AWE Window is specified by parameter AWE_WINDOW_SIZE. The size of this window is defined by a registry setting in the HOME key for Oracle (HKLM\Software\Oracle\Homex) called AWE_WINDOW_SIZE. Default value for AWE_WINDOW_SIZE is 1 GB and no entry in registry will mean that it is running at default value. Value for this parameter has to be specified in Bytes in registry.

Note:225349.1 and
Oracle Docs mentions that you need to use AWE_WINDOW_MEMORY whereas Microsoft site mentions using AWE_WINDOW_SIZE in registry.

This 3GB space will be used by following components:

– The Value for AWE_WINDOW_SIZE- SGA (excluding Buffer Cache)- Overhead for Oracle.exe and DLL’s -Stack space for all threads (Defaults to 1MB/thread, unless orastack is used)- PGA and UGA memory for all user sessions

To understand it, lets take an example. Suppose we need to set memory for a new system using /3GB and /PAE

Out of 2.7GB of addressable space, 1 GB will be used for AW_WINDOW_SIZE. We are left with 1.7 GB which has to be used for SGA shared_pool_size + large_pool_size + java_pool_size + log_buffers +steams_pool_size)

**Please Note that you can not use ASMM i.e SGA_TARGET when using AWE.

AWE_WINDOW_SIZE can be decreased from 1GB to a lower value. This has to be calculated and set judiciously as a lower value can increase mapping/unmapping activity and can also lead to CPU Spinning. Please refer below note for details on calculating minimum AWE_WINDOW_SIZE parameter

Note:225349.1 – Implementing Address Windowing Extensions (AWE) or VLM on Windows Platforms

Other ways of reducing Memory usage

Use MTS (Shared Server Configuration) as this will reduce the number of processes and ultimately reducing memory usage.

Reduce value for *area_size parameter’s (if using Manual PGA management)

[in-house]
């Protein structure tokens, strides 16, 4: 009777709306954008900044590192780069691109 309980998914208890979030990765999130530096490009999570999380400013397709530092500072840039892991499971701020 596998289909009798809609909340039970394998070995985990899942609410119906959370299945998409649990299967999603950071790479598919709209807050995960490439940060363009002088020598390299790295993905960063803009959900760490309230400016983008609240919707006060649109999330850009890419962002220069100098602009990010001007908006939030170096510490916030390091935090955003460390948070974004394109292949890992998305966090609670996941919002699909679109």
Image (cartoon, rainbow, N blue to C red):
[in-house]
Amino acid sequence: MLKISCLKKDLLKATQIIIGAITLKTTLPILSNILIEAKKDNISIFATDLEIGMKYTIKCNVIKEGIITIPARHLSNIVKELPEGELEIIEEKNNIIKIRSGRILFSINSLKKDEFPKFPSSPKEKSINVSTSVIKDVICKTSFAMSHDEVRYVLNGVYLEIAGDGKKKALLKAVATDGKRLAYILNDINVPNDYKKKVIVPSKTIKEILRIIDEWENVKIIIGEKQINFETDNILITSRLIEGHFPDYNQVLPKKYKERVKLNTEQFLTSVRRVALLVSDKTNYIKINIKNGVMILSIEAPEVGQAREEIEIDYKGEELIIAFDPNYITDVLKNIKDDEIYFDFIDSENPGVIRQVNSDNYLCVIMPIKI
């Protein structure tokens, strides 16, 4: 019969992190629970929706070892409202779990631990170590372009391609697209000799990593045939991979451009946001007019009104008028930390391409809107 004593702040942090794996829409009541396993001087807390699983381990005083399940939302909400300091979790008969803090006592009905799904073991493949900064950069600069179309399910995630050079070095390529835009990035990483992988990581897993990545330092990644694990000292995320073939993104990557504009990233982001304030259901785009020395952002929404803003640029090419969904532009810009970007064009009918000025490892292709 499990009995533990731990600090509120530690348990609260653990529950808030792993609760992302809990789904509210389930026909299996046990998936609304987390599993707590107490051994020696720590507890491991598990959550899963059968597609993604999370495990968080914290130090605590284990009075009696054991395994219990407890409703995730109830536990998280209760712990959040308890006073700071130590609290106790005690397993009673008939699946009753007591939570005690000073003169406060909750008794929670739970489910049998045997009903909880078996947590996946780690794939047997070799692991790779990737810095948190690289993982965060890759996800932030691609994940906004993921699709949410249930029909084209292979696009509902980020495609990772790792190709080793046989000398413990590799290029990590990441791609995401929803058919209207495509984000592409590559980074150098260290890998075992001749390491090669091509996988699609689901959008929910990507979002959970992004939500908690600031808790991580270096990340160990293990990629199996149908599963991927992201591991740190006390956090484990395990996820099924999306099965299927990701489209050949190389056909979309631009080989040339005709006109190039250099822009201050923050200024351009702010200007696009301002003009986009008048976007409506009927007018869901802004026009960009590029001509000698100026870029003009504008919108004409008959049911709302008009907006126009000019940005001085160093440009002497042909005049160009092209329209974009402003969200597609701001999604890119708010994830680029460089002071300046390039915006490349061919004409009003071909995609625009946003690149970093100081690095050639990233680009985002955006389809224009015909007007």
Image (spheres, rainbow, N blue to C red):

You can also use orastack to reduce the memory usage per thread (which defaults to 1 MB)

cmd>orastack oracle.exe 700000

cmd>orastack tnslsnr.exe 700000

cmd>orastack svrmgrl.exe 700000

cmd>orastack sqlplus.exe 700000

This sets the value to 700KB beyond which it is risky to decrease the value.

Issues with AWE

1) To use AWE  we need to use DB_BLOCK_BUFFERS parameter. As we cannot have DB_BLOCK_BUFFERS and DB_CACHE_SIZE parameter being used simultaneouly , we need to unset DB_CACHE_SIZE parameter. This will  mean that you cannot use Automatic Shared Memory Management (ASMM) with AWE i.e You have to unset SGA_TARGET parameter. Similarly you cannot use MEMORY_TARGET (11g ) parameter with AWE. Failure to do so will lead to

ORA-00825: cannot set DB_BLOCK_BUFFERS if SGA_TARGET or MEMORY_TARGET is set


Action: Do not set SGA_TARGET, MEMORY_TARGET or use new cache parameters, and do not use DB_BLOCK_BUFFERS which is an old cache parameter.

2) Setting Low value for AWE_WINDOW_SIZE can lead to CPU spin issues.

3) Applications doing large amount of I/O will see Performance impact due to Paging.

4) Due to use of AWE, additional Overhead is introduced.

5) Memory beyond 4GB can only be used for Buffer Cache. So In case you are facing Shared pool memory issues or want large number of connections, then AWE cannot help.

Further Readings

Note 225349.1 – Implementing Address Windowing Extensions (AWE) or VLM on Windows Platforms
Note 46053.1 – Windows NT Memory Architecture Overview

April 8, 2008 - Posted by | oracle